Going to work

by jexmas on February 23, 2016

So I am walking to work along Fourth Street under the overpass between Bryant and Harrison Streets and towards Yerba Buena Gardens. I am thinking about the day ahead when the sound of loud shouting enters my consciousness. I look ahead to see where the noise is coming from.

As I get closer, a man in a wheelchair is on the road near the ramp up onto the sidewalk opposite Whole Foods. He is wheeling his chair around, back and forth, looking and sounding agitated and upset. He is as thin as a rail in a red plaid shirt, jeans and dirty shoes. He has wild, wispy reddish blond hair sticking up in all directions. He is holding a short crowbar in one hand.

Another man is several feet away, on his feet, dressed in smart, casual clothing, agitated and restless, shouting loudly into his cell phone.

“Hurry! Come quickly. He’s attacking my car!”

As soon as he says this, the man in the wheelchair also shouts, equally loudly, “Get the fuck away from me!”

The man on the phone is almost hysterical. “He’s crazy! Come quickly!”

I am on the other side of the street, watching this going on. I surmise that the man on the phone has called the police. I also assume that the man in the wheelchair hit the other man’s car with the crowbar, probably protesting something, although it is hard to say.

The wild man in the wheelchair wheels his chair closer to the man on the phone, setting off a whole new string of yelling. The wild man is angrily yelling, “Get the fuck away from me!” over and over, at the same time as he is advancing on the man on the phone.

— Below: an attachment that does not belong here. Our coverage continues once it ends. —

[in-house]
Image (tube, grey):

The man on the phone is yelling a blow-by-blow description of these vocal events to the police. I start to worry that the police will come and shoot the man in the wheelchair.

Suddenly, the man in the wheelchair stands up and starts walking towards the man on the phone. Then he thinks better of it and goes back and sits down again, still yelling, “Get the fuck away from me.” He turns his wheelchair and pushing himself up the ramp disappears down the Harrison Street sidewalk.

The crisis is over, thank goodness. After the fact, as I continue walking along to work, I find myself thinking, “What was that? So much anger and so little actually happening.” I imagine the police could easily have shown up, drawn their guns and challenged the man in the wheelchair to give up. He was so angry, perhaps he would not have been able to calm down in that moment. And then what? Another dead man pumped full of bullets on the streets of San Francisco?

Of course, I am taking the story in that direction. It is what happens so easily these days. I shudder and keep walking.

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